More about Roots
We return to the general exposition. Let be any field and, as usual, let be the ring of polynomials in over .
in , then the derivative of written as , is the polynomial
To make this definition or to prove the basic formal properties of the derivative, as applied to polynomials, does not require the concept of a limit. However, since the field is arbitrary, we might expect some strange things to happen.
At the end of Section 3.2, we defined what is meant by characteristic of a field. Let us recall it now. A field is said to be of characteristic 0 if for in and an integer. If for some and some then is said to be of finite characteristic. In this second case, the characteristic of is defined to be the smallest positive integer such that for all It turned out that if is of finite characteristic then its characteristic is a prime number.
We return to the question of the derivative. Let be a field of characteristic . In this case, the derivative of the polynomial is . Thus the usual result from the calculus that a polynomial whose derivative is must be a constant no longer need hold true. However, if the characteristic of is and if for it is indeed true that (see Problem 1). Even when the characteristic of is we can still describe the polynomials with zero derivative; if then is a polynomial in (see Problem 2).
We now prove the analogs of the formal rules of differentiation that we know so well.
LEMMA 5.5.1: For any and any
Proof: The proofs of parts 1 and 2 are extremely easy and are left as exercises. To prove part 3, note that from parts 1 and 2 it is enough to prove it in the highly special case and where both and are positive. But then whence
Recall that in elementary calculus the equivalence is shown between the existence of a multiple root of a function and the simultaneous vanishing of the function and its derivative at a given point. Even in our setting, where is an arbitrary field, such an interrelation exists.
LEMMA 5.5.2: The polynomial has a multiple root if and only if and have a nontrivial (that is, of positive degree) common factor.
Proof: Before proving the lemma proper, a related remark is in order, namely, if and in have a nontrivial common factor in , for an extension of , then they have a nontrivial common factor in . For, were they relatively prime as elements in then we would be able to find two polynomials and in such that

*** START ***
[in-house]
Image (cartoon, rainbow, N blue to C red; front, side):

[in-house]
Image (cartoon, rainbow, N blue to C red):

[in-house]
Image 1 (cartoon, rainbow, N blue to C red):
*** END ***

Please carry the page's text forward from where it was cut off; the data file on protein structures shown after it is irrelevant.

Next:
Since this relation also holds for those elements viewed as elements of , in they would have to be relatively prime.
Now to the lemma itself. From the remark just made, we may assume, without loss of generality, that the roots of all lie in (otherwise extend to , the splitting field of . If has a multiple root then
where . However, as is easily computed, whence, by Lemma 5.5.1,
since . But this says that and have the common factor , thereby proving the lemma in one direction.
On the other hand, if has no multiple root then
where the 's are all distinct (we are supposing to be monic). But then
where the denotes the term is omitted. We claim no root of is a root of , for
since the roots are all distinct. However, if and have a nontrivial common factor, they have a common root, namely, any root of this common factor. The net result is that and have no nontrivial common factor, and so the lemma has been proved in the other direction.
COROLLARY 1: If is irreducible, then
1. If the characteristic of is has no multiple roots.
2. If the characteristic of is has a multiple root only if it is
of the form .
Proof: Since is irreducible, its only factors in are 1 and . If has a multiple root, then and have a nontrivial common factor by the lemma, hence . However, since the degree of is less than that of , the only possible way that this can happen is for to be . In characteristic this implies that is a constant, which has no roots; in characteristic , this forces .